Prof Hylton Menz1, Dr Christopher Harrison2, Dr Clare Bayram2
1Discipline of Podiatry, School of Allied Health, Human Services and Sport, La Trobe University, Bundoora, Australia, 2Menzies Centre for Health Policy, School of Public Health, Faculty of Medicine and Health, University of Sydney, Sydney, Australia
There are approximately 5,000 podiatrists currently practicing in Australia. Many patients are referred to podiatrists through their general practitioner (GP), but little is known about the types of patients they refer. Therefore, the objective of this study was to describe patterns of referral to podiatrists by GPs in Australia. We analysed data from the Bettering the Evaluation and Care of Health Program, a continuous cross-sectional study of Australian general practice activity, from April 2000 to March 2016 inclusive. Data were summarised using descriptive statistics with 95% conﬁdence intervals around point estimates. Multivariate logistic regression was used to identify characteristics independently associated with referral. The dataset included 1,568,100 encounters including 5,912 podiatry referrals. Referrals increased from 7.0 to 39.5 per 1,000 population over the evaluation period. In multivariate analyses, female GPs were more likely than males to refer and GPs aged ≥55 years less likely to refer. Patients referred to podiatrists were more likely to be aged ≥85 years, Indigenous, from an English-speaking background, and have previously been seen at the practice. The problem generating the highest number of referrals was diabetes. Following the introduction of Medicare funding, referred patients were more likely to be female, aged >45 years, have a healthcare card, be socioeconomically disadvantaged, and have previously been seen at the practice. Overall, these findings suggest that GP referral to podiatrists in Australia increased markedly following the introduction of Medicare funding and appears to be targeted to those with the greatest need. However, further research is required to determine whether the observed increase in the utilisation of podiatry results in improved clinical outcomes for patients and has a broader public health benefit.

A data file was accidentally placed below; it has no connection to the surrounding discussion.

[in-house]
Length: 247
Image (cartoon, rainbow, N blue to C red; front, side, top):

Professor Hylton Menz is a National Health and Medical Research Council of Australia (NHMRC) Senior Research Fellow at La Trobe University. Professor Menz’s broad research disciplines are human movement, rehabilitation and rheumatology, with a particular focus on musculoskeletal foot problems in older people. His research extends from laboratory-based biomechanical studies through to analysis of epidemiological datasets and the conduct of clinical trials.